When Allen Woods’ son turned 6 recently, Woods couldn’t wish him a happy birthday in person, give him a hug, or marvel at how tall he’d grown. He had to send a card in the mail.
Returning citizens need political representation and Bill Cobb has a plan to make it happen – Generocity Philly
Bill Cobb is rather jovial for someone who has had his livelihood compromised by the criminal justice system for two decades. But don’t be fooled by his chipper spirit: It’s taken time and energy for the prison reform advocate to get to this point, and he means business.
Let’s talk reentry. Last week we shared The Reentry Project’s PowerUp Reentry event, an October hackathon (aka “digital solutions day”) for folks working in the reentry community, as well as journalists and technologists ( RSVP here). The collaborative just announced another cool event for the following month.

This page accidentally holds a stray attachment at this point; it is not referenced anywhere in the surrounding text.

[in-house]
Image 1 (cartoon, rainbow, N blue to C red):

Twenty-four hours a day for 10 weeks, inmates in maroon uniforms with “D.O.C.” stamped on the backs held a death vigil over Frank Rodriguez. His colon cancer was terminal, but he refused to die – not behind the barbed wire and bars of Graterford Prison.
The next couple of months are filling up with events that will shed light on some local solutions for the issue of reentry, including a hackathon bringing together different communities and a TED Talk-style event where you’ll get to hear directly from those formerly incarcerated.
Nearly 3 million children in the U.S. have a parent in jail or prison. Local author Becky Birtha is hoping her new children’s book, “Far Apart, Close in Heart,” will help those kids express how they’re feeling – and teach their friends and classmates what it’s like to have a parent behind bars.